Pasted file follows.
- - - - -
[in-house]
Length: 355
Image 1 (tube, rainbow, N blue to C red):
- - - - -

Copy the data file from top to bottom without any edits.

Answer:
[in-house]
Length: 355
Image 1 (tube, rainbow, N blue to C red):